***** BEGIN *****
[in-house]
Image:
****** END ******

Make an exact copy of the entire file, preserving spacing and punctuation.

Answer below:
[in-house]
Image: